Total Quality Marketing: The Key to Regaining Market Shares

By Allan C. Reddy | Go to book overview

CHAPTER 8
Looking into the Future

As foreign competition continues to grow unabated threatening U.S. businesses, microsolutions developed and carried out at the firm level are no longer adequate to solve complex modern day business problems. Macromarketing must be combined with micromarketing to alleviate these problems. For instance, trade policy changes at macrolevel can take a long time to produce the desired results. Therefore, strategies at the individual firm level that emphasize building "market share" through improvements in Total Quality Marketing are very important. American managers today must adopt TQMkt to change the images of their products in the minds of consumers. Previously held notions must be replaced with a better Market Perceived Quality. These new strategies should be immediately carried out.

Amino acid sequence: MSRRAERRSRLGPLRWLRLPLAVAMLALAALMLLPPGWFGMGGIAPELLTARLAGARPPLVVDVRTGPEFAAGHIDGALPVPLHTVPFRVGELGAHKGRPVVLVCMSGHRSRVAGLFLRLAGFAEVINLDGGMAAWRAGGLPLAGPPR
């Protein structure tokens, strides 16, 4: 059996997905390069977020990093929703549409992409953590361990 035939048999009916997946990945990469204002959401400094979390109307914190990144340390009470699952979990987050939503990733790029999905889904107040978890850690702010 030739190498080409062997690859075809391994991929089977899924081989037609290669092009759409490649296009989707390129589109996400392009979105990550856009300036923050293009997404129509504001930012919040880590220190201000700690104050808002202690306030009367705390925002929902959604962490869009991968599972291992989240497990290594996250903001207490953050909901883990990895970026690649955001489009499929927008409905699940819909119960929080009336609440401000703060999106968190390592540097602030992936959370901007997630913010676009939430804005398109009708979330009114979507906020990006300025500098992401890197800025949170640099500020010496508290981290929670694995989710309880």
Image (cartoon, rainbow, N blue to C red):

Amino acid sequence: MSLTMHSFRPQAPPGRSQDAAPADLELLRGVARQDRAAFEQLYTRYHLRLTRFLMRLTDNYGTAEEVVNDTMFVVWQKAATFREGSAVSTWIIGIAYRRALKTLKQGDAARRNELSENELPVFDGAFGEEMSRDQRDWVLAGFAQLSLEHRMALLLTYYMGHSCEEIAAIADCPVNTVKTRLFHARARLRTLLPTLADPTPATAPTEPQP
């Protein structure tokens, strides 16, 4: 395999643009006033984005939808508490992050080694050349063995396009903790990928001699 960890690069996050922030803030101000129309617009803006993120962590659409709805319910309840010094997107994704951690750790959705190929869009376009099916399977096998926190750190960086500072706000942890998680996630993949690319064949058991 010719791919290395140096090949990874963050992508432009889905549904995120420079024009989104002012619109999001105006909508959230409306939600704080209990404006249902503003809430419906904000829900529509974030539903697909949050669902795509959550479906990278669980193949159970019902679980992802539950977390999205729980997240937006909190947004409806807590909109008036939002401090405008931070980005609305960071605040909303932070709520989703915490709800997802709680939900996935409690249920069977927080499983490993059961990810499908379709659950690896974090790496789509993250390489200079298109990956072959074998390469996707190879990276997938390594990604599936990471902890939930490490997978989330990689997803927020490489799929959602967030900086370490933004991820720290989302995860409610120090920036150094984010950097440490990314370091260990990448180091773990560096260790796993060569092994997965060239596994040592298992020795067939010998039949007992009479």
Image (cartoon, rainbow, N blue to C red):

In containing foreign competition, American firms should work closely with government and labor to take appropriate actions. Unfortunately, cooperation among these three diverse groups rarely happens. For instance, in the controversy over the North American Free Trade Agreement, labor unions stood firmly against the government and big businesses, which both favored the agreement.

American firms must not lose the vigor to compete. The attitude "to compete" must permeate the firm always. Similarly, a commitment toward Total Quality Marketing must pervade the firm from top management to supervisory levels. Firms must develop and carry out effective marketing strategies to stop competitors from further challenging and attacking their market shares.

The import trade analysis in Chapter 2 shows that American firms have lost the leadership to imports in many product categories -- from cars to cameras. In recent years, the Big Three U.S. automakers have slowed the erosion of their market shares through significant product quality improvements during the last ten years. To regain market share,

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